Baseball to add women to Olympic bid

Monday, April 06, 2009
By FREDERIC J. FROMMER, Associated Press Writer

WASHINGTON —  Baseball will be adding a women's component to its bid to get reinstated for the 2016 Olympics, after failing to unite with women's softball.

The president of the International Baseball Federation, Harvey Schiller, told The Associated Press the change will be made in the next few days.

"The main reason is the growth of the game, and, obviously, we have a constituency which makes up women's baseball, and they're asking, 'What about us?'" Schiller said in a telephone interview Monday. "We want the world to know that we have women's baseball."

The move comes a few weeks after women's softball rejected baseball's proposal for a joint baseball-softball bid. The two sports are among seven competing for two openings for new sports at the 2016 Olympics; the International Olympic Committee will decide in October.

Schiller estimated that between 300,000 and 500,000 women and girls play baseball worldwide, a figure which includes Little League and T-ball.

Jim Glennie, president of the American Women's Baseball Federation, called news of the expanded bid "wonderful." Glennie recruits women for the U.S. national team, which competes in the Women's World Cup of Baseball.

Glennie, an assistant attorney general in Michigan, said he didn't know of any high schools in the U.S. that offer women's baseball, and that girls who want to play baseball beyond Little League face an uphill battle. Some girls have been able to land roster spots on boy's high school baseball teams, but those are rare, he said.

"It's been that way _ baseball for the boys, softball for the girls," said Glennie, who got involved in women's baseball in 1992, when his daughter wanted to play the sport.

The president of the International Softball Federation, Don Porter, said Monday he was surprised by baseball's move.

"I didn't think many women were playing baseball," said Porter, whose group has given the IOC the option of adding men's softball to the sport. "That's fine, if they want to involve females. All sports should do that."

The IOC voted to drop baseball and softball in 2005, and softball officials have said their sport was hurt by baseball's doping scandals. Since softball was added to the Olympics in 1996, the U.S. won three straight golds before losing to Japan in Beijing.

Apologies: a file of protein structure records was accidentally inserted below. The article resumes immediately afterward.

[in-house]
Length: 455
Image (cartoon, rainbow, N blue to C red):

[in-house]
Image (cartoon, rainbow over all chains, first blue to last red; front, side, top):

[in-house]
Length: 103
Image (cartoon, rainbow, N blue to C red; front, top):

Lilly Jacobson, who played for the Vassar men's baseball team last year and played twice for the women's U.S. national baseball team, said coaches and parents push girls into softball.

"By creating a future, and showing there is support for women's baseball, this is a fantastic development," she said of the Olympic effort.

Jacobson grew up in Reno, Nev., where she pitched and played outfield for her high school team. At Vassar, she was a reserve outfielder and pinch-hitter.

"I hope this creates more support for women's baseball in the United States because other countries are far ahead of us in their support for women's baseball," she said.

Last month, Japan's first female professional player, 17-year-old Eri Yoshida, made her debut, striking out one and walking one in relief in the newly formed Kansai Independent League, which is akin to farm team ball. Yoshida models herself on Boston Red Sox knuckleballer Tim Wakefield.

Jacobson's mother, Jennifer Ring, touches on Jacobson's experiences in her new book, "Stolen Bases: Why American Girls Don't Play Baseball." Ring, a political science professor at the University of Nevada-Reno, said many American women played baseball at the college and semipro level in the 19th century. But around 1900, men started pushing women into softball, in part because of the professionalization of baseball, she said.

"Baseball's the national game, and girls should have a choice," Ring said. "There's something very strange about the national pastime excluding half the nation."

Women's baseball got a quick moment in popular culture with the 1992 movie, "A League of Their own," starring Rosie O'Donnell, Madonna and Tom Hanks. The film told the story of the All-American Girls Professional Baseball League, which was started by Chicago Cubs owner Philip Wrigley in 1943 as a way to keep interest in baseball thriving during World War II. But the league folded in 1954.


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